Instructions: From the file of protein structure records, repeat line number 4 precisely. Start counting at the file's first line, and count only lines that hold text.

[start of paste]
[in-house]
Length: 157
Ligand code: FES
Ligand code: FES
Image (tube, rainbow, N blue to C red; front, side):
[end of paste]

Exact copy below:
Ligand code: FES